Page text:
The grieving parents of a college student found fatally shot in her Boston apartment Tuesday focused on the bright side of their daughter's life as police tried to nail down whether the young woman was targeted by her killer or the victim of a random crime.
Rebecca Payne, a 22-year-old senior and Connecticut native studying to become an athletic trainer, was found by a building manager fatally shot in her chest and legs inside her apartment complex in the Mission Hill section of Boston, the Boston Police Department confirmed Wednesday after receiving preliminary autopsy results that confirmed she had died of multiple gunshots.
In a statement released late Wednesday, Nicholas and Virginia Payne described their daughter as a student leader who was loved by the people around her. "We would like to remember Rebecca as someone always smiling, never worrying about this, not worth worrying about," the student's parents said.
The New Milford, Conn., native was loyal to the Yankees despite going to college in Boston surrounded by Red Sox fans. She was also true to "her British roots," her parents said, as a fan of an English football club. "On her bedroom wall hangs the poster for the Liverpool Football Club, with its anthem, 'You'll Never Walk Alone.'"
Police have not yet determined whether Payne's killer or killers knew her or whether the college senior was randomly targeted. "We're hoping that as the hours develop, we'll be able to discover the answer to that," Boston Police Department spokeswoman Elaine Driscoll told ABC News.
One detail that might suggest the crime was not random was the absence of any obvious forced entry into the apartment, which is located in an off-campus building that houses many students from Boston's various colleges and universities. The door of the apartment was open when the woman's body was discovered Tuesday morning around 6:50 a.m., police said.
Some of Payne's neighbors reported to police that they may have heard gunshots during the night between 2 a.m. and 3 a.m., but no one called 911 and authorities have yet to nail down exactly when the shots rang out. "We received numerous witness reports indicating they heard gunshots sometime in the early hours, but they did not contact police," she said.
One witness also reported seeing a black van driving away from the apartment building.
Police processed Payne's apartment, which Driscoll said she shared with at least one roommate, as a crime scene. They also towed Payne's Mini Cooper from the apartment complex parking lot.
In a letter to the university community, Northeastern President Joseph Aoun offered sympathy to Payne's family and friends.
"Those among us who knew her best -- students, faculty and staff -- say Becca was dedicated to her studies, excited about her successful and challenging co-op jobs, and passionate about causes dear to her heart," Auon wrote.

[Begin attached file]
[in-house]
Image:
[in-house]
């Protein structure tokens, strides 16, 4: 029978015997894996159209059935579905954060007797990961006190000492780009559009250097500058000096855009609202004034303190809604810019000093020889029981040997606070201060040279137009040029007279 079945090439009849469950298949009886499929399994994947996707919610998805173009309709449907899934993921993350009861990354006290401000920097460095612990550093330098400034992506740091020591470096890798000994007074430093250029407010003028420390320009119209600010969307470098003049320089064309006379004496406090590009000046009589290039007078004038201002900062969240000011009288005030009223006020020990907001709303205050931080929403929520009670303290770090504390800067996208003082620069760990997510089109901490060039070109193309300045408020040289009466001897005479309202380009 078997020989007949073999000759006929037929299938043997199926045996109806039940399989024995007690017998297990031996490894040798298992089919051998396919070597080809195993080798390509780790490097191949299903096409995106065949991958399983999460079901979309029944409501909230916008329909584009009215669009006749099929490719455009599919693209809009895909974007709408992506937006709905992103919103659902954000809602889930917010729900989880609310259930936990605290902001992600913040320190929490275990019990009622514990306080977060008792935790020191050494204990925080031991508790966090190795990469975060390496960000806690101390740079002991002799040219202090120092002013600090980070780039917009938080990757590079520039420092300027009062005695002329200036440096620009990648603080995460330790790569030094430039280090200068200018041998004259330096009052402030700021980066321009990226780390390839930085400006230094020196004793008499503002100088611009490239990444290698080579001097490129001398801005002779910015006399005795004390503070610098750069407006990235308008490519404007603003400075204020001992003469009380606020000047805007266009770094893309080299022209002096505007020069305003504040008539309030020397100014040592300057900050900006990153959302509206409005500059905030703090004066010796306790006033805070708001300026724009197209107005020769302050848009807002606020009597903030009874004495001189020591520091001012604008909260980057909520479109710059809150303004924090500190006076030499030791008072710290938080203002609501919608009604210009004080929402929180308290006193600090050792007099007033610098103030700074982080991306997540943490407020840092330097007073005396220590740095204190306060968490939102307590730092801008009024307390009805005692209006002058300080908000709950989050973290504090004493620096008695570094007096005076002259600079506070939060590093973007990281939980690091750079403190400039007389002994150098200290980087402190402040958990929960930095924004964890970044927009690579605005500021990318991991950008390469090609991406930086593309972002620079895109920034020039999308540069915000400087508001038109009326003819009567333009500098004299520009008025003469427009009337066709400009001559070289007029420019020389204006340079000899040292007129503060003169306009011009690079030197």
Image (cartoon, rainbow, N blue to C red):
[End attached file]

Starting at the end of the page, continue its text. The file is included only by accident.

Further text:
Payne served on the university's dean's council, was involved with a campus ministry and recently worked with children as a summer camp counselor, according to Auon.
"Becca epitomized all that is best about Northeastern University students," he wrote. "Having her taken so suddenly leaves a hole that will never be filled."
On her MySpace page, Payne described herself as a "slightly eccentric/slightly bitter/mostly optimistic" college student whose professional goal was to help injured athletes back to peak physical shape.
"I work with athletes and for some reason, I want to for the rest of my life," she writes. "When my athletes are injured, then I see the passion that most still have for what they do and the enthusiasm to return to play and be the best that they can be."
Payne is the latest in a series of high-profile murders involving female students at major American universities.
Authorities in North Carolina continue to investigate the murder of Ira Yarmolenko, who was found asphyxiated beside her car near a river embankment about 30 minutes from the University of North Carolina-Charlotte campus.
No suspects have been named in the crime, but authorities have said that they are following up with multiple "persons of interest" in the May 5 slaying.
University of Wisconsin-Madison student Brittany Zimmermann, 21, was fatally stabbed inside her off-campus apartment near the university on April 2.
Police have not named a suspect in that murder, which sparked additional controversy after a local newspaper revealed that a 911 dispatcher had not returned a call from Zimmermann's cell phone the day she died in which she failed to respond to the dispatcher's prompts.
Lauren Burk, 18, a student at Auburn University, was found March 4 lying along an Alabama highway. She had been shot and was taken to a hospital, where she died. Her car was found the same night engulfed in flames in an Auburn parking lot.
Courtney Lockhart, 23, is facing kidnapping, attempted rape and capital murder charges in connection with Burk's death. He was arrested March 7. Authorities do not believe there was any prior connection between Lockhart and his alleged victim.
The day after Burk was killed, Eve Carson, a 22-year-old senior and president of the University of North Carolina student body, was found fatally shot near the university's Chapel Hill, N.C., campus.
Police released surveillance stills featuring two men at a drive-through ATM and inside a convenience store where someone had attempted to use Carson's debit card. The images helped lead authorities to Lawrence Alvin Lovette Jr., 17, and Demario James Atwater, 21, both of whom face first-degree murder charges in Carson's death.
Lovette has also been charged with the Jan. 18 slaying of 29-year-old Abhijit Mahato, an engineering graduate student at Duke University who was found fatally shot inside his apartment near the school's Durham, N.C., campus -- just 12 miles from Chapel Hill.
Authorities have not identified any concrete connection between the suspects and Carson.